A Slice of Fried Gold

Music Mondays

Monday, March 2, 2009

Recommendation: Cursive - Mama, I'm Swollen

You could make a very good argument that Cursive is one of my ten or so favorite bands. They're a consistently good band with one fantastic album and two very good ones (the Ugly Organ, Domestica, and Happy Hollow respectively), and March 10th, they will be releasing a new album, strangely titled Mama, I'm Swollen. This album kind of snuck up on me, but as soon as I heard of it, it quickly jumped up to the top of my "most anticipated albums" list.

The question isn't how anticipated it was though, the question is, how is it? Better yet, how does it compare to other Cursive albums?

For short answers to those, you'll get: okay, and poorly.

To be perfectly honest, this album is a lot more unfocused and all over the place than other Cursive albums. Reliance on repeated vocal lines and what I'm sure they would call "atmospheric" instrumental sections leave many songs instantly forgettable, such as lead track "In the Now."

As a rule of thumb, I think an artist should lead albums with something that grabs the listeners attention immediately and acts as a precursor to the rest of the album. A sign of things to come if you will. The song really only features three different lyrics strings, repeated for effect throughout the track. "Don't want to live in the now/Don't want to know what I know" is the first repeated track, and it's delivered in a Cursive meets "name that aggressive punk band" way that tires out the track and really makes those lyrics ring true for the listener. Not an ideal start, for sure.

It's immediately followed by what has to be considered one of the standout tracks on the album. "From the Hips" starts out sounding like a track off frontman Tim Kasher's side project the Good Life, but slowly unveils itself as a more Cursive styled track - and a great one at that. After the slower, more introspective beginning, it continues the introspection lyrically but speeds up the track with driving drums, horns, and some very quality vocal stylings from Mr. Kasher and quality guitar work from the rest. This song also sets the theme lyrically for the album, as Kasher has stretched his introspection around the whole of humanity on this album, as opposed to just himself.

Is Tim Kasher a single man census for humanity? This album acts as if he is, and it provides a far different lyrical spin to the album as a whole (Note: I don't generally pay attention to lyrics, but Kasher makes it pretty hard not to). Most song writers don't take on human existence as a subject matter for an album, but Kasher gives it his level best.

First single "I Couldn't Love You" is a perfect example of a pros and cons of this album. While the lyrics are clever (Is he saying "I couldn't love you any more" or "I couldn't love you anymore"?) and the chorus is quite the high point, the blase verses don't really do anything for me as a listener. Sparse vocals, barely there instrumentation - it feels like a means to an end in between the choruses. I have to admit though, my affinity for the organs and horns in the track run deep.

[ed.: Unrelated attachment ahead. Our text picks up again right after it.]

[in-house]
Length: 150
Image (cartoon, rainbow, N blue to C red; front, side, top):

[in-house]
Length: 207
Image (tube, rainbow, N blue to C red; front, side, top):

In true Cursive fashion, they totally win me over with the last track on the album. With the Ugly Organ being one of my favorite albums and final track "Staying Alive" arguably being my favorite track, that's unsurprising. This last track, titled "What Have I Done?" is Kasher at his reflective best, with a slow burn finish that builds the power of the track and kicks it up a notch at about the 4:30 mark to close out the album in strong fashion.

This track puts Kasher in the position to really connects with listeners, as he laments "I spent the best years of my life/waiting on the best years of my life" early, and then later on, "I was telling everyone back home/That I was taking it by storm/Instead, I watched it by the roadside." These are sentiments anyone can relate to - life not feeling like it's going as it should, not meeting your potential, letting opportunity pass you by. The tragedy in this song is trapped in the reality.

The problem with this album as a whole is two fold however: the lyrical insight of Kasher isn't always at his previous levels and the lyrics are quite often trapped in less enticing presentation than in previous albums. Simply put, the structure of these songs are quite often too muddled to allow the darkly melodious aspects of Cursive's music to come out. When Kasher railed against fighting with his wife on Domestica's opener "The Casualty" or talked about the state of art in the world in the Ugly Organ's "Art is Hard," they were both laid out in ways that made them basely pleasing for the pop fan in all of us and the audiophile looking for something more from the listener.

On Mama, I'm Swollen, we get less of both of those concepts, and the album suffers for it.

The album as a whole is very perplexing. It carries on throughout, occasionally like a Cursive album and occasionally like an album written by an entirely different band. I kept waiting for some sense of consistency, but it never came.

However, I do want to note, I've only gotten about three or four listens in. Cursive albums tend to be growers, and this one easily could come out of its shell with repeated listens. As of right now, however, it's not exactly my favorite album.

Cursive - Mama, I'm Swollen: C


Post a Comment